The amendment, sponsored by Rep. Glenn Grothman (R-WI), proposing funding cuts to the National Endowment for the Arts (NEA) and the National Endowment for the Humanities (NEH) by $23 million each was defeated on Wednesday (July 18) by a vote of 114 to 297.Read More
Congress released the details of its delayed current year FY 2018 Omnibus spending bill. Congress has allocated an increase in funding for the National Endowment for the Arts (NEA) and National Endowment for the Humanities (NEH) to $152.849 million each.Read More
On February 12th, the administration released its FY 2019 budget request. The request unfortunately repeats many of the same, misguided ideas of the last budget proposal--ideas that were met with a resounding rejection from Congress last year.
The request includes the termination of our nation's cultural grant-making agencies, including the National Endowment for the Arts (NEA), the National Endowment for the Humanities (NEH), the Institute of Museum and Library Services (IMLS), and the Corporation for Public Broadcasting.
The proposed budget ignores the fact that Congress soundly rejected this same attempt last year to terminate the nation's cultural agencies.
“I think I need another cup of coffee.” That could only mean one thing: Arts Advocacy Day is near! This year will be the 31st consecutive year of arts advocacy days.
Although years may really just be a number, in its 31 years, Arts Advocacy Day has seen six different U.S. presidents spanning both political parties. It’s witnessed sixteen different congressional sessions and eight different Speakers of the U.S. House. Through it all, every year, attendees hear that “the arts are bipARTtisan.”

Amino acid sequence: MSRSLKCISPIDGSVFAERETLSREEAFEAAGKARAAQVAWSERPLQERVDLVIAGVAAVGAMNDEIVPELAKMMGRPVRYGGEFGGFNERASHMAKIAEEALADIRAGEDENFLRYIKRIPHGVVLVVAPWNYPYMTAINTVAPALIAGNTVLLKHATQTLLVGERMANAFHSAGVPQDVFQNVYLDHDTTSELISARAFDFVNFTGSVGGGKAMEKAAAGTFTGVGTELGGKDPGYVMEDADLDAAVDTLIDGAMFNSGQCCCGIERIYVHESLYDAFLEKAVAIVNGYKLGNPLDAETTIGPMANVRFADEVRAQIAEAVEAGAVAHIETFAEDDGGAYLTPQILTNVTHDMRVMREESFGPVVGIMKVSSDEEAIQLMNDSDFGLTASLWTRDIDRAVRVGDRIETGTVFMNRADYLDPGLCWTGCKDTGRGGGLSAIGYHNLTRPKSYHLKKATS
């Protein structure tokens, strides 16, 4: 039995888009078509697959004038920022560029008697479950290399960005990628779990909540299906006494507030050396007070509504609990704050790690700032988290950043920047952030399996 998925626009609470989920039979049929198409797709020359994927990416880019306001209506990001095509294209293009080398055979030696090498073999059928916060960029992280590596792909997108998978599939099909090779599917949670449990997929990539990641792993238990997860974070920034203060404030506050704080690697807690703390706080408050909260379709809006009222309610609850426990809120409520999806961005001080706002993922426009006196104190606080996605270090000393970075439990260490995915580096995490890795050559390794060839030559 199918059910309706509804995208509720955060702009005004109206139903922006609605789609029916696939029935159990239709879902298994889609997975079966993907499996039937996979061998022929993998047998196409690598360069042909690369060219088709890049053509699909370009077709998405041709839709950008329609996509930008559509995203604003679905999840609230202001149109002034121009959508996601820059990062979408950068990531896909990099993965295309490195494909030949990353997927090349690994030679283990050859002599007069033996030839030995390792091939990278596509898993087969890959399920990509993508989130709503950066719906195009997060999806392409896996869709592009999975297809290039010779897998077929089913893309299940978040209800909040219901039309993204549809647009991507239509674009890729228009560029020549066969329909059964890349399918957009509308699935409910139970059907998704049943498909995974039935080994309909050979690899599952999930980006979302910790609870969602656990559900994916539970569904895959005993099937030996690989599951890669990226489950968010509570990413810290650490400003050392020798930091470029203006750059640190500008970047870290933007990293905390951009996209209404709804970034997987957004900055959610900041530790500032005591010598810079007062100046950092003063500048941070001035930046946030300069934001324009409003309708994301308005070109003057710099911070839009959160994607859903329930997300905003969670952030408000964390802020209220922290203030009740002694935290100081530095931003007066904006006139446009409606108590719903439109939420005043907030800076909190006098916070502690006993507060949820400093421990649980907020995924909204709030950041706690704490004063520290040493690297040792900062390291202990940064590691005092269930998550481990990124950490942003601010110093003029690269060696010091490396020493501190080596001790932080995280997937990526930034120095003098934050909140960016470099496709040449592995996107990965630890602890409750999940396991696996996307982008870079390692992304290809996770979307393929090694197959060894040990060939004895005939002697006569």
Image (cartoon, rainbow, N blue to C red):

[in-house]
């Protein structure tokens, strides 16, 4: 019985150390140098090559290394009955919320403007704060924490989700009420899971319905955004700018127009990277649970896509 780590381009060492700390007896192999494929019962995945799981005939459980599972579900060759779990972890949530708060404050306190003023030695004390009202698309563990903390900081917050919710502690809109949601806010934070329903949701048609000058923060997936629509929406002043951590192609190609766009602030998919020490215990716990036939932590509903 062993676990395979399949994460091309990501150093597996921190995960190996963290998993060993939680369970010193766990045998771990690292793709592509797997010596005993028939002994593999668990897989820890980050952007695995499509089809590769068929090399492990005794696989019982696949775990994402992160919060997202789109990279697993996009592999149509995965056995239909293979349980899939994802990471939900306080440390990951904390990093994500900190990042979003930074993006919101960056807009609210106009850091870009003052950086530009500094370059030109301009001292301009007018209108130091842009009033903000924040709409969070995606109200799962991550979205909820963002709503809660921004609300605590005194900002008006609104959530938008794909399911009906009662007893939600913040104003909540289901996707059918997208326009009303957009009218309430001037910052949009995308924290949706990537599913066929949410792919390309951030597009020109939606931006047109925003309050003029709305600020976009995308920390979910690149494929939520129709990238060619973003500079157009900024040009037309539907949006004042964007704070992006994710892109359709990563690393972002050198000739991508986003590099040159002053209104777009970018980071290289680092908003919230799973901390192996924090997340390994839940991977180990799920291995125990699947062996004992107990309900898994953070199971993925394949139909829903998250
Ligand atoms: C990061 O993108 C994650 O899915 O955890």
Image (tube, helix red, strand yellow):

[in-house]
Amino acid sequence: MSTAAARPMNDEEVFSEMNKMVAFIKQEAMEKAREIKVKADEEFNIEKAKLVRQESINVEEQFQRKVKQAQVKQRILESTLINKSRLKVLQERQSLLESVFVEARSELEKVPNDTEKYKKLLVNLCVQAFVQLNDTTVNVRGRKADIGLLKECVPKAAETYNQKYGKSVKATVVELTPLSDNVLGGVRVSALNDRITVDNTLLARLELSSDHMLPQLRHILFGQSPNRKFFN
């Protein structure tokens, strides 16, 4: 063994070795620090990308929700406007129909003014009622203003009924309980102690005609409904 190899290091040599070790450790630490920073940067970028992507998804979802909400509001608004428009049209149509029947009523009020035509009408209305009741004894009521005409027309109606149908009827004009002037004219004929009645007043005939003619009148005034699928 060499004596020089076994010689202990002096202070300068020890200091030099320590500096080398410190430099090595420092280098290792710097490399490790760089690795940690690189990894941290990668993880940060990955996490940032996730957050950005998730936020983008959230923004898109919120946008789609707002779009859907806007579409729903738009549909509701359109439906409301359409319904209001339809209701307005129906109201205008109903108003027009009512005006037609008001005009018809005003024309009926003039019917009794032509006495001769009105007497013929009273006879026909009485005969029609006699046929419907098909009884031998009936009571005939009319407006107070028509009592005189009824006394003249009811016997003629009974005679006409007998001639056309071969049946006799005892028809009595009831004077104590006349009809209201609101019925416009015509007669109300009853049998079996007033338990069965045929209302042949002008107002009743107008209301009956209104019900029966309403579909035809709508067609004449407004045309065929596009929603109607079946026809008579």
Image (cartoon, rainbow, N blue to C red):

Because, no matter who’s in office, arts advocacy matters. Funding decisions are made every year. Who’s deciding this year may not be deciding next year. Who’s to remember what happened before? Who’s to know why it matters? Who’s to learn from each other? The answer is us. All of us. All of us together.Read More
From the National Council of Nonprofits:
Under the House and Senate bills, the charitable deduction would be out of reach of more than 90% of taxpayers. The Joint Committee on Taxation (JCT) estimates that itemized deductions will drop by $95 billion in 2018. Not all of this would disappear; the change is estimated to shrink giving to the work of charitable nonprofits by $13 billion or more each year. Estimates are that this drop in giving would cost 220,000 to 264,000 nonprofit jobs.Read More
The House Ways and Means Committee pushed through the release of their official tax reform bill H.R. 1 in Congress to overhaul the American federal income tax system. There are strong concerns that it will have negative impact on charitable giving, nonprofit organizations, and professional artists as it proposes to limit the charitable tax deduction to only the highest income taxpayers. The charitable deduction to make contributions a tax-deductible gift must be available to ALL taxpayers giving to their favorite charities, not only the wealthiest.Read More
Attached is the letter we received from Congressman Pete Aguilar (CA-31) in response to our concerns over reducing funding for the National Endowment for the Arts (NEA) in the 2018 federal budget. We thank the Congressman for stating publicly that he will stand up for funding priorities that support the arts. #PeteAguilar @RepPeteAguilarRead More
#SAVEtheNEA by joining Americans for the Arts and Arts Action Fund in sending a unified message to Congress to restore full funding to the National Endowment for the Arts and the National Endowment for the Humanities. Please watch the video and then take 2 minutes to send your message through the online Action Center.Read More
The United States will withdraw from UNESCO at the end of next year, the State Department said Thursday, to stop accumulating unpaid dues and make a stand on what it said is anti-Israel bias at the U.N.’s educational, science and cultural organization.
In notifying UNESCO of the decision this morning, the State Department said it would like to remain involved as a nonmember observer state. That will allow the United States to engage in debates and activities, though it will lose its right to vote on issues.Read More